Today in our UNWRAPPED countdown to Halloween, Daniel Braum sits down with author Marissa Lingen and talks to her story “In the Ancestor’s New Home”. They discuss the differences of Inca mummy culture from what we’re used to, how this story differs from Marissa’s usual work and what monsters intrigue Marissa most.
Daniel Braum: Your mummy story is set in South America. What were the challenges and payoffs in creating a story in that setting?
Marissa Lingen: There was a lot, a lot, a LOT of research for this story, most of which did not make it anywhere near the page. The history of the Inca Empire and of what is now Peru is fascinating and was a joy to read about, but also it was a lot of work that I hope I got somewhere near right. I feel like even with reading well over a dozen books on this setting and period, I have just scratched the surface. There is so much more to learn and think about here.
DB: What were the challenges and payoffs in writing about a venerable part of history and culture?
ML: I feel like one of the most fascinating parts of Inca mummy culture was that the mummies were set apart but not removed completely from the world of the living. They were consulted through their caretakers, they were involved in processions and rituals. So the assumptions involved are completely different from a lot of mummy stories American culture is used to hearing and telling, and I hope I’ve managed to make that interesting but also build in enough information that it’s understandable to the average reader.
DB: How does “In the Ancestor’s New Home” differ in any way from your stories? What would you like readers who have not yet read your stories to know about them? Please feel free to include some links.
ML: Honestly one of the things that was most exciting about this project is that it was so far outside my wheelhouse. I am usually not a writer of the dark and monstrous! Usually I write a lot of science fiction and secondary world fantasy. So it differs from my other stories in basically most ways. I have love stories with genetically engineered mastodons! I have fantasies of environmental peril and birds gone wrong! I have a lot of kinds of story really. You can read a bunch of them from here: http://www.marissalingen.com/bibleo.html
DB: What do you think is the appeal of the “supernatural” and the “monstrous” to readers?
ML: I think the monstrous gives us funhouse mirror ways to reflect on different aspects of humanity. We get ways to think about parts of ourselves, to look at pieces rather than the whole. And, of course, a scare in a safe environment–something that we can control–is very appealing. Just this week a friend’s toddler watched a movie that scared her very much, and then rehearsed the story of what happened that it came out okay, in toddler terms. I think on some level knowing that we are safe while we think about unsafe things can be very helpful. But of course different readers like different aspects, and that’s great too.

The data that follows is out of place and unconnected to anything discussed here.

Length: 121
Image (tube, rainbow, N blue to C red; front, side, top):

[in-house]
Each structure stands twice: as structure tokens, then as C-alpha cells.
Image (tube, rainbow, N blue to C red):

DB: What appeals to you most about the “Mummy” as monster in pop culture, literature, and or film? What if anything about the same do you find bothersome?
ML: Mummies and mummification have existed in cultures across the globe, and I really like the diversity of possible stories there. The flip side is that I get bothered by how much some of the same stories get told over and over again without consideration for the variety that’s out there. Ideally this book will provide some contrast to that.
One of my favorite mummy stories is Josh Ritter’s song “The Curse” from his album “So Runs the World Away.” Sometimes Josh really tells a full story in song form, and this one is haunting and lovely.
DB: Which “monster” intrigues you most as a reader and as a writer? Is there any monster you would like to write about but have yet to do so?
ML: I am a sea serpent person from the word go. I haven’t gotten much into them yet, although I’m revising a snow serpent manuscript that makes my heart sing. I think it comes from cutting my teeth on Norse sagas. Trolls are also good, and wendigos. Basically if it comes with a cold howling wind, I’m there.
MARISSA LINGEN is among the top science fiction and fantasy writers in the world who were named after fruit. She has many opinions on Moomintrolls. She has been known to cross international borders in search of rare tisanes. Her personal relationships with bodies of water are intense though eccentric. She has recently branched out into essays, much to no one’s alarm but her own.
DANIEL BRAUM is the author of the short story collections The Night Marchers and Other Strange Tales (Cemetery Dance), The Wish Mechanics: Stories of the Strange and Fantastic (Independent Legions 2017) and Yeti Tiger Dragon (Dim Shores 2016). His third collection, Underworld Dreams is forthcoming from Lethe Press in 2020. The Serpent’s Shadow, his first novel, was released from Cemetery Dance eBooks in July 2019. He is the editor of the Spirits Unwrapped anthology from Lethe Press and the host and founder of the Night Time Logic reading series in New York City which can also be heard on the Ink Heist podcast. He can be found at https://bloodandstardust.wordpress.com, www.facebook.com/DanielBraumFiction, and @danielbraum
SPIRITS UNWRAPPED can be ordered by your favorite local bookseller and also at Amazon, Barnes and Noble, and direct from the publisher.
Categories: Features, Interviews
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